Brent Scowcroft Center Resident Senior Fellow James Hasik writes for Real Clear Defense on why the US Navy needs its Unmanned Carrier-Launched Airborne Surveillance and Strike program: 

This week, Loren Thompson of the Lexington Institute assailed the U.S. Navy’s Unmanned Carrier-Launched Airborne Surveillance and Strike (UCLASS) project as “unmanageable.” The problem, he argues, is that while the new, less ambitious technical requirements for UCLASS will produce a less expensive aircraft, they will produce a less capable one as well. Such a plane, he believes, will be no bargain, for in an era of constrained budgets, “spending billions of dollars on an ill-defined program just to have a carrier-based drone is a dubious proposition.”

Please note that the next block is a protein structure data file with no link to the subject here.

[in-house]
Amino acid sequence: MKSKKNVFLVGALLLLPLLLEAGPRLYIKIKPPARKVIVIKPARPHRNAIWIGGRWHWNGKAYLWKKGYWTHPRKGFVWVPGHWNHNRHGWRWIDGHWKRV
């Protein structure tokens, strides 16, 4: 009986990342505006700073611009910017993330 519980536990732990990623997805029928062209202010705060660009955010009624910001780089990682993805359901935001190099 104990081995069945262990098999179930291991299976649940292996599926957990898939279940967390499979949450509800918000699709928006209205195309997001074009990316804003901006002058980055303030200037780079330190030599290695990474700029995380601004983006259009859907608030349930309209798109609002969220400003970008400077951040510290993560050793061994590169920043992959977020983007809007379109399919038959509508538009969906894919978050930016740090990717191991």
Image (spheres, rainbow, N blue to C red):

After reading that, I wondered if we were thinking of the same UCLASS program. Didn’t I just see a prototype running cats-and-traps alongside an F-18E on the Theodore Roosevelt? For I find the Navy’s carrier drone project—as it is conceived now—to be a very practical and sensible idea, for five separate reasons:

Read the full article here.

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